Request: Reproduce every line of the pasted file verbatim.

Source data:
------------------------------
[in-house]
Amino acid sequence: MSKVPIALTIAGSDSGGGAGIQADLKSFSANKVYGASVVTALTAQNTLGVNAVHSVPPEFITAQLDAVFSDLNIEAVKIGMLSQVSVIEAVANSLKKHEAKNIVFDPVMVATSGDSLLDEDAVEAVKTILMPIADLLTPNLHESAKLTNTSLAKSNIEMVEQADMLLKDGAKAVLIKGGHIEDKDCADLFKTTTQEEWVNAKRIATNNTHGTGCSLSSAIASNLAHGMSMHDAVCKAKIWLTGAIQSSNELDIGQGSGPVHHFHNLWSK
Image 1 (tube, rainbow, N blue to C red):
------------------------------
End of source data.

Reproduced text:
[in-house]
Amino acid sequence: MSKVPIALTIAGSDSGGGAGIQADLKSFSANKVYGASVVTALTAQNTLGVNAVHSVPPEFITAQLDAVFSDLNIEAVKIGMLSQVSVIEAVANSLKKHEAKNIVFDPVMVATSGDSLLDEDAVEAVKTILMPIADLLTPNLHESAKLTNTSLAKSNIEMVEQADMLLKDGAKAVLIKGGHIEDKDCADLFKTTTQEEWVNAKRIATNNTHGTGCSLSSAIASNLAHGMSMHDAVCKAKIWLTGAIQSSNELDIGQGSGPVHHFHNLWSK
Image 1 (tube, rainbow, N blue to C red):